This whole healthcare debate in the United States is completely off base. Does anyone really think people should not have access to healthcare when they need it? Do people really believe others should be left in the dust if they truly do not have enough money to pay for all their medical care? It is a complicated issue, but the politicians focus on the complications and minutia instead of the solutions. However, there are basic issues that I think everyone can agree upon that will lead us to solutions to the complicated issues.
It is completely ridiculous for politicians to argue that it is against the rights of individuals to be required to have medical insurance of some kind. The same people will not discuss that those that do have insurance are required to subsidize these individuals anyway with our taxes and insurance premiums. To improve the health of this country, we need to do a better job at prevention, early interventions, and screening to deal with disease processes early. Instead of waiting until something is a major problem, and much more costly, we should be providing early interventions.
For the bean counters, a big problem with this approach is you do not see the results until many years down the road. Our expectation of “instant gratification” does not work in this setting. Even worse, the investment that needs to happen will not show results on the quarterly reports in the stock market which makes CEO’s even more averse to an investment in the future health of individuals.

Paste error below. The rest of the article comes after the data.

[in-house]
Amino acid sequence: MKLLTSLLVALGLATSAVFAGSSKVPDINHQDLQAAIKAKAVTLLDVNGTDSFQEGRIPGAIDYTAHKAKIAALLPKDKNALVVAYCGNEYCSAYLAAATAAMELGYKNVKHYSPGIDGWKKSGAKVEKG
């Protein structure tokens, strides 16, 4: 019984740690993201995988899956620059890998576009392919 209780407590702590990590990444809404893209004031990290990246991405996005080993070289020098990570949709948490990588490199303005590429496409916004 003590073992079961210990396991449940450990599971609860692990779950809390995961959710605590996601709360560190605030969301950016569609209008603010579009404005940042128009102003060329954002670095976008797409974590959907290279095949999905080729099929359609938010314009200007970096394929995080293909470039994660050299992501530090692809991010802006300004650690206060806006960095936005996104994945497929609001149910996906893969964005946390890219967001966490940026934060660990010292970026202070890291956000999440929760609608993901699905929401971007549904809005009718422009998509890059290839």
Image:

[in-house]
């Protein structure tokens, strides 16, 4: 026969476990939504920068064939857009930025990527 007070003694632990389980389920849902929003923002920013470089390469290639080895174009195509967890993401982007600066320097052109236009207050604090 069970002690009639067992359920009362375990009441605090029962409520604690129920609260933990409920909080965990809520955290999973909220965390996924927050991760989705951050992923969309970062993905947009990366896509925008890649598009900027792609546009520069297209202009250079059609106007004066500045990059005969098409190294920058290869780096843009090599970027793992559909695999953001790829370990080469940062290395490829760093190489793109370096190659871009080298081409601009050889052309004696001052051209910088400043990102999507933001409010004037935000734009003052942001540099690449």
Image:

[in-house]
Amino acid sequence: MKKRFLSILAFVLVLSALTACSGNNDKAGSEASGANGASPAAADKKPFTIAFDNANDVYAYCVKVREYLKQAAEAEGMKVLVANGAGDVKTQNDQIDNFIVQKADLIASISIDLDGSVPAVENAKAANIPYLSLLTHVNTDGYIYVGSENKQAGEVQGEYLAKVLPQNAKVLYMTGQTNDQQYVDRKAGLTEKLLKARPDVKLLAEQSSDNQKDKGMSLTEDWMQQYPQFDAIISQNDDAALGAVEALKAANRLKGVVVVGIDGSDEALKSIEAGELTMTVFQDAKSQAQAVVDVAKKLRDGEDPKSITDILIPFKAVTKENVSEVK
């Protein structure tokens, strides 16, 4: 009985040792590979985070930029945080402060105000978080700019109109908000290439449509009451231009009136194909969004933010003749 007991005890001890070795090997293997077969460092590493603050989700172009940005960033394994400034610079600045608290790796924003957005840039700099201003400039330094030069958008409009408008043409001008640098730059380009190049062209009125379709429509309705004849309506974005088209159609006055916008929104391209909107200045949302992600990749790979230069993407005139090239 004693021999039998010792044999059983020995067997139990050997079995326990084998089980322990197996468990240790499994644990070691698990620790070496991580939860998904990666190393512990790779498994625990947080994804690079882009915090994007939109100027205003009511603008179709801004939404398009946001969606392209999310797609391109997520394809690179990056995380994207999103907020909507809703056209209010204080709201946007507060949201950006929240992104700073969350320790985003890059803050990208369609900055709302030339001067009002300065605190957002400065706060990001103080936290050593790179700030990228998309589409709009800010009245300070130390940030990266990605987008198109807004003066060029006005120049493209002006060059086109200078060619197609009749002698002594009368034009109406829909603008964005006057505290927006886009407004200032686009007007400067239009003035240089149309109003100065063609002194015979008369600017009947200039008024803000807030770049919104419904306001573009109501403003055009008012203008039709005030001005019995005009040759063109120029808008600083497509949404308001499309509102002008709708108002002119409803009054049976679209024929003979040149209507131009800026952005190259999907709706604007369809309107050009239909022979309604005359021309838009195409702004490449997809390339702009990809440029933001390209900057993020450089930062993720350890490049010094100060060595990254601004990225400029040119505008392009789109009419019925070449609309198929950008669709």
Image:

I am not saying that giving everyone access to free healthcare is the way to go either. Healthcare needs be a partnership between the system and its users. The current healthcare legislation completely missed the boat of a great opportunity to make an impact on disease in general. We know obesity is bad. We know smoking is bad. We know high blood sugar is bad. We know high blood pressure is bad. We also know that people need to take responsibility for their healthcare and you can’t just force it down their throats. Just providing healthcare does not make all people healthier. You need to build in incentives so they become partners in their care. So, if we are going to require healthcare for all, why not reduce the costs for people that quit smoking, reduce their body mass index to an acceptable level, take care of their diabetes and hypertension. These are easy things to measure. Give them financial incentives to improve in these areas by mandating a reduction in premiums. In the end, it is much less costly for all of us…and we are a healthier society.